Appellant challenges only the failure to investigate into the reason behind the murder. The specific factors to be considered and the weight to be given to each, however, are discretionary. A list of factors is contained in a policy memorandum appended to Kent v. U. S., supra, 383 U.S. at 565, 86 S.Ct. at 1059, and quoted by the district court in this case. These factors include: the seriousness of the crime; whether it was violent or premeditated; whether the crime resulted in personal injury; the prosecutive merit of the complaint; the sophistication of the juvenile; prior record and contacts with the youth authority; and the prospects for rehabilitation. It is clear that the juvenile court took these considerations into account. While investigation into motive may be advisable in some cases, the serious nature of the crime, the premeditation and sophistication involved in this murder, and the fact that appellant would be subject to juvenile jurisdiction for only two months justified certification in this case.


POOLE, Circuit Judge, dissenting:

I respectfully dissent.

The panel is agreed that the jurisdiction of this court to review the decision of the United States District Court for the District of Guam, Appellate Division, which affirmed the order certifying Kingsbury for trial as an adult, exists if at all by virtue of 28 U.S.C. § 1291. Maj.Op., at 742; See Corn v. Guam Coral Co., 318 F.2d 622, 624 (9th Cir. 1963); accord, Agana Bay Development Co. v. Supreme Court of Guam, 529 F.2d 952, 960 n.1 (9th Cir. 1976) (Kennedy, J., dissenting). Section 1291 permits appeals only from "final orders" and this circuit has held that the finality determination is a function of federal law. See Corn v. Guam Coral Co., supra, 318 F.2d at 624.

At least since Cobbledick v. United States, 309 U.S. 323, 60 S.Ct. 540, 84 L.Ed. 783 (1940), and as recently as Firestone Tire & Rubber Co. v. Risjord, 449 U.S. --, 101 S.Ct. 669, 66 L.Ed.2d 571 (1981), the Supreme Court has carefully described the considerations relevant to determining whether a district court's order is final and reviewable under § 1291. It therefore comes as some surprise that in analyzing appellate jurisdiction in this case, the majority ignores § 1291 and the formidable host of authorities analyzing it and draws instead an analogy to 28 U.S.C. § 1257 a statute which has nothing to do with the jurisdiction of any circuit court of appeals. 1 As I find this analogy puzzling, unnecessary and irrelevant, and as application of the finality principles of § 1291, and the current law of this circuit, compel the conclusion that an order of the Guam courts certifying a juvenile for trial as an adult simply is not final and therefore not appealable to this court before trial, I respectfully dissent.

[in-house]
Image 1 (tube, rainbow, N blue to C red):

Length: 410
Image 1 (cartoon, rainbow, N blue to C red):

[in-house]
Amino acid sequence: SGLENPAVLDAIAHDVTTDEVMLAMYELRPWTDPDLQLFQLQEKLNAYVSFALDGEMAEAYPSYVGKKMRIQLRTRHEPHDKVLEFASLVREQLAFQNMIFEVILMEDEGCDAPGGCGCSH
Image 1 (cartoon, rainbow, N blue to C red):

A final order of a district court for purposes of § 1291 is one that "ends the litigation on the merits and leaves nothing for the court to do but execute the judgment." Coopers & Lybrand v. Livesay, 437 U.S. 463, 467, 98 S.Ct. 2454, 2457, 57 L.Ed.2d 351 (1978), quoting, Catlin v. United States, 324 U.S. 229, 233, 65 S.Ct. 631, 633, 89 L.Ed. 911 (1945). It is final "in the sense of terminating the criminal...